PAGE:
Band to follow up festival with tour
THE headliners of this year’s Glastonbury Festival have announced a new tour.
Brit Award winners Kasabian, closed the festival and are said to be in the form of their lives on stage and on record.
Their new album, 48.13, written and produced by guitarist Sergio Pizzorno, has become their fourth consecutive Number One album .
Support for the tour will come from The Maccabees.
And the band play at the Leeds Direct Arena on November 21.
Tickets go on sale today from the box office on 0844 248 158. CONDUCTOR, composer and viol player Jordi Savall is a living legend who has for the past forty years been the top selling name in the world of Early Music, though, as he relates in a rare interview, it was more by accident than design that he ever became involved.
“I was six years old when I was persuaded to join the school choir in my home town in Catalonia and it seems from that moment my future was in music.
“Twelve years later I went to the Barcelona Conservatory to study the cello, and there I found that some of the pieces I was playing were arrangements of music originally written for the viol, an instrument that had long been forgotten, and I began to wonder what it would have sounded like when it was first composed.
“That set me on the road to look for a bass viol, the parent of the modern cello, and which you hold and play in a very similar way, the main difference being that it has six strings and the cello has only four.
“That was not a major difficulty, as I had played the guitar when I was a young man, which also has six strings, so I basically knew the fingering required. I was then already twenty and just beginning to study music that I knew little about.”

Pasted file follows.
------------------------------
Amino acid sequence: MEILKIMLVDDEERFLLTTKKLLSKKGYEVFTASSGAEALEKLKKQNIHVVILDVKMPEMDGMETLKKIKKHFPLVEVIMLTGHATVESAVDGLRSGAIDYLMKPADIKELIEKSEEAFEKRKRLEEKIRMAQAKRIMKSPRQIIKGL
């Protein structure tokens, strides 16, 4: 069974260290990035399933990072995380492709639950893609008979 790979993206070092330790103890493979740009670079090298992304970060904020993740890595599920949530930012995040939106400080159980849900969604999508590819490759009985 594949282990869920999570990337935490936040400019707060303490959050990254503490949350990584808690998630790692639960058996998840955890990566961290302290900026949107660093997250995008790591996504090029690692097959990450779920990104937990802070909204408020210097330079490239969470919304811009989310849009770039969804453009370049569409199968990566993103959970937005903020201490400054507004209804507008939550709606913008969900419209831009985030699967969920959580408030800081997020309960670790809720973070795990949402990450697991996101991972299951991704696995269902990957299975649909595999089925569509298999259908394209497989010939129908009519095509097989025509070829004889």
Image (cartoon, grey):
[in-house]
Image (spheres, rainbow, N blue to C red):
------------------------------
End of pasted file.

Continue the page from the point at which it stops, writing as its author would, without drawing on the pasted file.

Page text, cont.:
Those were to be his first hesitant steps that eventually led to two years spent as a student of August Wenzinger in one of the few music schools specialising in those ‘strange instruments’ listened to by a quaint musical fringe.
In the years that followed he gathered around him some gifted young period instrumentalists, and in 1974 formed the group, Hesperion XX.
It was to receive highly favourable reviews in the specialist music media, and on a good night they would attract an audience of three or four hundred people mesmerised by the sheer virtuosity of Savall’s playing.
No one at the time could have foreseen that this world would be turned upside down by the film maker, Alain Corneau, who had recently read a book by Pascal Quignard regarding a group of remarkable viol players employed in the court of Louis XIV.
Headed by Sainte-Colombe and his pupil, Marin Marais, their story was full of intrigue, infighting and romantic excursions, and sparked the idea of the period dress film drama, Tous les matins du monde.
All Corneau had to do was to find a performer who could select the music and replicate the audacious technical virtuosity of the famous group. That person had to be Savall.
Most unexpectedly the film quickly gained an international cult status, the haunting music of the soundtrack appearing on a rush released disc that sold over a million copies, and dominated the UK ‘Classical Top 20’ chart for several months. .